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W. K. Kellogg, of cereal fame, was an avid fan of Arabian horses since his childhood. After starting his namesake company with his brother and earning millions of dollars, he purchased land in Pomona, California, to establish a world-class Arabian horse ranch. In 1932 he donated the ranch to the state of California, stipulating that the horses must be kept, along with the traditional Sunday horse shows to display the grace and versatility of the Arabian horse. When the property was transferred to the California State Polytechnic University at Pomona in 1949, the school agreed to uphold these terms. The Sunday shows continue today, performed by a student drill team on the first Sunday of each month, October through May.

University of Calgary

While light saber wars between students are routine at universities like Cal Tech and MIT, the University of Calgary lays claim to one of the largest collections of sci-fi material in the galaxy. When devoted sci-fi collector Bob Gibson died in 2001, his family had no idea what to do with his 30,000 piece collection - the boxes of books and magazines took up most of the house. His son, an alumnus of the University of Calgary, decided that the collection would be best preserved and shared by donating it to his alma mater. Thus, with the establishment of the Bob Gibson Collection of Speculative Fiction, the University of Calgary instantly became the home of one of the world's leading collections of science fiction.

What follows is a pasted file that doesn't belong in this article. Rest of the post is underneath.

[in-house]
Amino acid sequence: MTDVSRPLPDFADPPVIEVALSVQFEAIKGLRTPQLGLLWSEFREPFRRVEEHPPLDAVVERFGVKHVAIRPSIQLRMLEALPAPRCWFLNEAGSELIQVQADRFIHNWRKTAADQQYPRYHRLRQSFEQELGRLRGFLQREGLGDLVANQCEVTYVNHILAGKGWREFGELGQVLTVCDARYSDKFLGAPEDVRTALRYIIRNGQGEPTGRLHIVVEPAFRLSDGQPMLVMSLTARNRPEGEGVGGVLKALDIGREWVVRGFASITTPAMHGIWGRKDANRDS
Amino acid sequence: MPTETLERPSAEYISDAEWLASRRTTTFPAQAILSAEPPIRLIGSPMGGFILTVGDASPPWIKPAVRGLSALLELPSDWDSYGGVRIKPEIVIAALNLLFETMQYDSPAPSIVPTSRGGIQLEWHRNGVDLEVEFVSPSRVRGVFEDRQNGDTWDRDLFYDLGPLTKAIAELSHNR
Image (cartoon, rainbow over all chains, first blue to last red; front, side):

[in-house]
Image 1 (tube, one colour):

Check out the rest of our College Weekend festivities.

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Bleat Along to Classic Holiday Tunes With This Goat Christmas Album
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Feeling a little Grinchy this month? The Sweden branch of ActionAid, an international charity dedicated to fighting global poverty, wants to goat—errr ... goad—you into the Christmas spirit with their animal-focused holiday album: All I Want for Christmas is a Goat.

Fittingly, it features the shriek-filled vocal stylings of a group of festive farm animals bleating out classics like “Jingle Bells,” “Rudolph the Red-Nosed Reindeer,” and “O Come All Ye Faithful.” The recording may sound like a silly novelty release, but there's a serious cause behind it: It’s intended to remind listeners how the animals benefit impoverished communities. Goats can live in arid nations that are too dry for farming, and they provide their owners with milk and wool. In fact, the only thing they can't seem to do is, well, sing. 

You can purchase All I Want for Christmas is a Goat on iTunes and Spotify, or listen to a few songs from its eight-track selection below.